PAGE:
When I’m on an accreditation survey for AAAHC, one of the most frequently misunderstood CMS Conditions for Coverage and AAAHC accreditation chapters pertains to Governance. So what are the main components to governance of a surgery center?
Let’s start with the CMS Condition for Coverage §416.41 Condition for Coverage: Governing Body and Management
The ASC must have a governing body that assumes full legal responsibility for determining, implementing, and monitoring policies governing the ASC’s total operation. The governing body has oversight and accountability for the quality assessment and performance improvement program; ensures that the facility policies and programs are administered so as to provide quality health care in a safe environment; and develops and maintains a disaster preparedness plan.
What does this say in terms we can all understand:
The ASC must have a designated governing body that oversees and assesses all ASC activities and is responsible for:
1. Establishing the ASC’s policies
2. Making sure that the policies are implemented
3. Monitoring internal compliance with the policies
4. Assessing those policies periodically to determine whether they need revision.
In particular, the governing board must have direct oversight of:
1. The ASC’s quality assessment and performance improvement (QAPI) program
2. Quality of the ASC’s health care services
3. Safety of the ASC’s environment
4. Development and maintenance of a disaster preparedness plan
What in particular does the governing board need to do?
• The governing board must determine the mission, goals and objective for the organization.
• It must assume financial management and accountability.
• It must develop a risk management plan and accountabilities.
• It must delegate leadership and management roles. This is no minor responsibility – take a look at a list of the usual suspects:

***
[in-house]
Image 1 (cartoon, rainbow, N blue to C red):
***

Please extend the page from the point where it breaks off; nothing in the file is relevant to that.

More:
° Administrative/leadership roles
° Human Resources
° Medical staff credentialing and granting of privileges
° Management of surgical services
° Management of nursing services
° Management of pharmaceutical services
° Management of laboratory (if applicable) and radiologic services
° Management of the ASC’s physical plant
° Quality Assurance and Performance Improvement
° Medical records maintenance
° Infection control
• Along with designation of responsible employees, items that need to be reviewed annually include:
° Rights of patients
° Delegated administrative responsibilities
° Quality of care
° The quality management and improvement program
° The organization’s policies and procedures
° The medical staff’s appointment/reappointment process
° The infection control program
° The safety program.
° Compliance with all other applicable Standards
• Most importantly, all of these jobs can be done by one or many; the key is the activity of delegation and a plan of recognition of accountability for each assigned task through a reporting mechanism.
What are some of the other accountabilities of the Governing Board
• It must formally adopt the organization’s policies and procedures, including the medical staff bylaws.
• It must have oversight of all contracts.
• It must assist in the development of a Disaster Preparedness Plan.